Moderate libertarians lament that the U.S. empire has perhaps weakened its legitimacy and standing in the world by overstretching itself in unnecessary wars of choice such as Iraq. Radical libertarians see the entire U.S. empire as a grave threat to liberty and world peace, which must be completely dismantled, along with the standing army, and regard such imperial projects as the Iraq war as acts of murderous aggression consistent with what should be expected from such a military empire.

Moderate libertarians think private enterprise is more efficient than the state, and so certain social service functions would be better handled through public-private partnerships or privatization of the provision of these services. Radical libertarians see private enterprise, unlike the state, as moral and, yes, more efficient, and are thus wary of corrupting business by pairing it with state, as well as of the prospect of making the state’s priorities more efficiently managed. State services should not be improved by corporatist deals between business and government, but outright abolished, with all legitimate functions taken over completely by the free market.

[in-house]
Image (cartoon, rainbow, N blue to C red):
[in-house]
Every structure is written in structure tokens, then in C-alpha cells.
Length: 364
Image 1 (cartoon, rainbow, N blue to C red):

Moderate libertarians think some forms of taxation are much better than others, since they are supposedly fairer and are more efficient ways of collecting revenue. Radical libertarians see taxation as the negation of property rights, to be done away with completely, and do not spend much time proposing new taxes to replace old ones.